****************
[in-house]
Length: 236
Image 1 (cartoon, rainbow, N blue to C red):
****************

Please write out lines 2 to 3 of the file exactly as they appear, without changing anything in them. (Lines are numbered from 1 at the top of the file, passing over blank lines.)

Length: 236
Image 1 (cartoon, rainbow, N blue to C red):